Is Your Supply Chain Ready for the Millennial Generation?

The Millennial Generation, or Generation Y, have become a far more vocal and dominant group of individuals in recent years. They are confident in their values, open to change, and well-connected to the people and things around them. This generation is largely driven by their civic values. They believe strongly that companies should act with corporate social responsibility (CSR).

The Millennials also believe in change and are always looking for ways to improve. They keep an open mind to new ideas and look for adventures in their everyday life. Finally, this is a highly social generation. Technology has made them the most connected generation thus far. They are familiar and comfortable using tech and often rely on it to make everyday tasks effortless.

This generation grew up in a time when there was a large cultural shift in parenting. Millennials were raised with a collaborative mind set by parents who believed in equal relationships. They were told they could accomplish anything if they put their mind to it and had the support of a team. This created a positive minded generation with a strong sense of team structure and the drive to accomplish great things. Being born between  the early 1980’s to the early 2000’s, this generation is now entering the workforce. They are becoming both contributing and highly influential members of society. We have already begun to see what effect this generation has on the retail environment, but we should more importantly examine how the Millennial generation will impact and influence modern business supply chains.

There are three main traits that are sought out by the Millennials in terms of product purchasing and shopping. They are expecting prompt service, customization, and items being made “the right way.”

Prompt Service

Right now, one of the biggest trends supply chains are working to meet is the demand for shorter delivery times. This trend was influenced by e-commerce companies like Amazon who offer same-day delivery. This is largely because of a perceived trait of the Millennial generation: a need for instant gratification. In an interview, CEO Roger Hardy pointed out that “If [consumers] are ordering something online, today is better than tomorrow or three days from now. We see the younger consumer being more and more that way.”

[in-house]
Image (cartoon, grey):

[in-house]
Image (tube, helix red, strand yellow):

Millennials want quick and easy access to the products they are seeing online. As a result, we are seeing more and more companies alter their operations to meet this demand. However, it certainly present challenges. The number of companies we see making these changes is only going to grow in the next few years.


Millennials are not only looking for unique products, but also a customized experience. This generation started a trend in which buyers now evaluate what they consume on more than just when they get in the box. Part of what influences their purchases is the experience that comes along with it. More and more companies are emerging from the demand this trend is creating.

One example of this customizable experience is the “meal in a box” delivery service market that has recently emerged in the US. Consumers are trying to move away from typical fast food restaurants by looking for healthy options. With these services, customers get the gratification of the “home cooking” experience, but with half the effort. These companies take all the beforehand work out of it by sending consumers all the fresh ingredients they need to cook a delicious meal. This is largely made possible because of the unique supply chain and operations in place. As a result, Millennial consumers make purchases with not only a quality product in mind but also a process that supports that quality image.

“The Right Way”

The Millennial generation has caused a large shift in CSR. 84% of Millennials said that CSR has a significant impact on what they buy or where they shop. They care about where their products come from. In this past year alone, we have seen many companies alter their processes and branding to meet this demand. McDonald’s for example, is even seeing the impact of this trend. Over the past year they have had to alter their supply chain sources and operations to demonstrate a higher level of CSR and provide customers with more visibility. Millennials want to know that the companies that create the products and services they are buying do so “the right way.”

The Millennial generation’s influence has only started entering into the majority market. Whether your supply chain is ready or not, the next few years will see an increase in these trends.